Leading the country in a statistic that measures decline doesn’t sound like a good thing; but when that statistic is office vacancy, it’s very good news indeed. Most major U.S. markets saw a tightening of office availability during the third quarter; Dallas led the way dropping a full percentage point in the last three months, from 19.1 percent to 18.1 percent.
The professional services sector—including insurance, IT, and financial services firms—is driving demand, CBRE reports.
“We haven’t seen this kind of consistent market activity, demand, and positive absorption across virtually every submarket in DFW in several years,” said Baron Aldrine, senior vice president at CBRE. “Other than a couple of submarkets where new construction is under way, because of limited supply and increased demand, this market will continue to see the same kind of results for the foreseeable future.”
Following Dallas were Phoenix and Washington D.C., with .40 drops (23.9 percent to 23.5 percent for Phoenix, and 14.4 percent to 14 percent for D.C.). Markets seeing a slight increase in vacancy were Boston (up by .50 to 12.8 percent), Los Angeles (up by .20 to 16.7 percent) and Miami (also up .20, to 17.8 percent).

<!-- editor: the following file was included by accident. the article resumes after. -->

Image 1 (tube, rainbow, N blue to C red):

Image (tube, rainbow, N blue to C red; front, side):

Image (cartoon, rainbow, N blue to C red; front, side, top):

The tightest major market in the country is New York, which has a vacancy of just 7.4 percent. It’s followed by San Francisco (9.1 percent) and Houston (11.9 percent).
Dallas’ industrial market also continued to show improvement in the third quarter, CBRE reports, with demand coming from third-party logistic companies, the food service sector, home construction, automotive, and automotive suppliers.
Brook Scott, CBRE’s interim head of research, Americas, said the U.S. office market continues to benefit from slow but steady job growth and limited office development, despite rising interest rates and weak growth overseas.
Locally, Dallas employment growth accelerated during the third quarter on sharp increases in the financial and professional/business services sectors, which fueled the strongest quarterly office demand in more than four years, said Sara Rutledge, director of research and analysis for CBRE. “Large, corporate user activity, led by State Farm, has reduced available office space by 25 percent to 30 percent over the past year in the Richardson/Plano and Las Colinas submarkets,” she said.
Aldrine said Richardson has a history of running either hot or cold. “It’s typically one of the submarkets that is slower to heat up, but when it starts to heat up, it happens fast—which is exactly what has happened in 2013,” he said. “With no new speculative construction under way or planned, lower rental rates, and still some supply, demand in Richardson will continue, and that submarket will continue to stay hot.”
Most major U.S. cities are seeing an upward trend in rents. Eight markets reported no new office space deliveries during the third quarter. A big exception is Houston, which saw 10 new projects wrap up during the third quarter, for a total of 1.6 million square feet—the most in the country. Of that new space, 75 percent was preleased.